For marine engines, new emission standards entered into force in July 2018. They apply to smaller marine engines (with a per cylinder displacement of less than 30 litres) and are set to become more stringent over time. The national DECA has also added a retrospective requirement. Engines installed on domestic ships after 2015 must now comply with the Tier II standard set by the IMO for NOx.
In addition, starting in July 2019 Chinese ships with the capacity to use shore power will be required to do so when berthed at ports with the appropriate infrastructure. Ships without this capacity will need to install it and start using it from 2022.
These policies will reduce SOx and NOx emissions from business-as-usual trajectories, but they seem far from enough to maximise the benefits of ship emissions control. Some researchers at Tsinghua University think that China’s national DECA should be extended out to at least 100 nautical miles to account for the broader influences of ships in key port cluster regions like the Yangtze River Delta.
The wider the ECA, the greater the environmental benefits. However, ECAs become less cost-effective when extended further out into the sea away from the most impacted communities. And there are additional real-world issues to worry about. If an ECA is too narrow, ships could practically divert their route to limit the distance they have to travel within it, thus reducing the ECA’s efficacy. There is clear evidence of ships doing exactly this. In the case of China, an ECA of at least 100 nautical miles is needed to effectively discourage such behaviour. Of course, territorial disputes can impact on the extent of an ECA, and this is certainly so in China’s case. But we believe that in non-disputed regions it’s still feasible to delineate an ECA that maximises environmental benefits.
When should China join the IMO ECA family?
If an IMO ECA is the successor of China’s national DECA, when will the right time be to make the switch? Given the negotiations and administrative processes involved, we estimate that the minimum time required for an IMO ECA to take effect is three years after applying for it.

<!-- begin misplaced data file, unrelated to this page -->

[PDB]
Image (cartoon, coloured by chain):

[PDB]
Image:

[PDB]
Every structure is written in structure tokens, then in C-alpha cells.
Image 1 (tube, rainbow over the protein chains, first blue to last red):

In recent years, China’s domestic environmental standards have closely followed those set by the European Union and the United States. On average, China enforces policies equivalent to its western counterparts eight to nine years after them.
In the marine sector, the world’s most stringent emissions standards are in the US. In 2015, the country capped fuel sulphur at 1,000 parts per million. In 2016, it introduced the IMO Tier III requirement for NOx.
Given the eight or nine year lag time, it seems reasonable to assume that China will follow suit by 2023 and 2024. And given that it takes about three years to enact an ECA with the IMO, it could submit its application as early as 2020.
The good news is that China has already quietly announced its intention to carry out a feasibility study for a future IMO ECA in its recently-released Action Plan for Diesel Truck Pollution Control.Since this plan expires in 2020, we are hopeful that further efforts to control ship emissions in China will be announced in the next year or so.
Mao Xiaoli is an ICCT marine program associate working to reduce air pollution from shipping in China. Dan Rutherford directs the marine and aviation programs at the International Council on Clean Transportation (ICCT).